Eliciting Good Reviews In An Industry With Notoriously Bad Service

Chris Out from Dutch Growth Hacking Agency RockBoost recently wrote a case study on a feedback generation strategy hack I used for one of my clients. Here it is, in full. This hack is just one hack from my Definitive Guide to Review Generation.

Let’s say you’re an Australian Broadband service provider, and although most of your competitors have awful customer service, yours is actually pretty good.

The problem is that people tend to assume you’ll have terrible service as well. They kind of project their preconceived notions of enmity on you in advance. Totally undeserved. Not fair.

So, how do you survive in such a parched and hostile land? How do you convince the masses that you’re different? How do you beat back the bias and become known for being the provider with exceptionally good service?

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Case Study: Marketing An Offline Event Using Digital Marketing

Running an event can be a very effective way to speak to your target market face-to-face.

It can also be a rollercoaster of ups and downs… One minute you’re worried that nobody will attend, the next you’re worried you’ll run out of chairs or, more importantly, food and refreshments!

With an effective digital marketing strategy, however, you can spend more time focusing on the event itself, with confidence that the right people will know your event is on and that they’ll attend on the day.

One of my fluid marketing clients, who is in the Modular Home Building industry (I’ll be referring to them as ‘Modular Builders’ for privacy reasons) was looking for new ways to attract their target market to visit their factory, over and above the already successful lead generation campaigns we were running.

I suggested an Open Day, and here’s how we planned and marketed it online, along with the results it generated.

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5 Ways One Of Australia’s Biggest eCommerce Companies Plans To Grow This Year

This post originally appeared on Inside Retail and InternetRetailing.com.au.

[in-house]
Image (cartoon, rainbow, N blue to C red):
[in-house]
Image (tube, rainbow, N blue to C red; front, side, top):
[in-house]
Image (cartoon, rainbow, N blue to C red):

You may not have heard of Redbubble but it is an eCommerce company, launched in Melbourne back in 2006. Essentially, the website allows artists to sell their art, photography and patterns which are printed on a range of items including t-shirts, cushions and phone covers with Redbubble taking care of the sale, manufacturing and shipping. It has attracted artists and customers from around the world and since 2006 has quietly grown to be one of the country’s biggest eCommerce companies with 147.8 million website visitors last financial year and revenue of $114.6 million, growth of 61.2% compared to the previous year.

Redbubble is again forecasting strong growth this financial year with revenue expected to jump by 50.26% to $172.2 million. With the business 10 years old many analysts would assume it has matured and would expect growth to taper off, however they are showing no signs of stopping – so how are they doing it?


Redbubble’s growth in GTV (gross transaction value) since FY08.

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How we grew Australian Ethical’s monthly super signups by 255%


This article originally appeared on Web Profits blog.

The agency I work for, Web Profits, launched Fluid Online Marketing last year with the aim of radically improving online marketing, and for a large number of clients – in a wide range of industries – it’s been a huge success.

With Fluid Online Marketing, clients get assigned a full marketing team (akin to an outsourced marketing team). Teams vary in size but usually include:

  • 1x Fluid Lead
  • 1x CRO Producer (covering CRO, PPC, Email & Design)
  • 1x Social Media Producer
  • 1x SEO Producer
  • 1x Content Producer

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Case Study: Do Short Forms Always Win?

It is commonly thought that the shorter the form is on your website or landing page the higher the conversion rate will be. I have personally seen short forms outperform long ones consistently as they cause less friction and require less time and commitment from a potential prospect however I wanted to test if this was always the case.

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